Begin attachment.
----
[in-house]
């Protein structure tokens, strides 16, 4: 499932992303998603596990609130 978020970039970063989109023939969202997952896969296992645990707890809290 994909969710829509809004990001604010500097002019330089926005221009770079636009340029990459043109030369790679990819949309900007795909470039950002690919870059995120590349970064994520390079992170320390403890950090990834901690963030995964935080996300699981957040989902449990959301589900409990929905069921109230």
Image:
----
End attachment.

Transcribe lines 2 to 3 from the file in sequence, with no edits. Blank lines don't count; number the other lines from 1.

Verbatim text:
């Protein structure tokens, strides 16, 4: 499932992303998603596990609130 978020970039970063989109023939969202997952896969296992645990707890809290 994909969710829509809004990001604010500097002019330089926005221009770079636009340029990459043109030369790679990819949309900007795909470039950002690919870059995120590349970064994520390079992170320390403890950090990834901690963030995964935080996300699981957040989902449990959301589900409990929905069921109230």
Image: